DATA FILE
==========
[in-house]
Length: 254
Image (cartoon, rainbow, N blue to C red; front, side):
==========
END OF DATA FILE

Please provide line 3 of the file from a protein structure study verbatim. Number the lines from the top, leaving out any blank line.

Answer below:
Image (cartoon, rainbow, N blue to C red; front, side):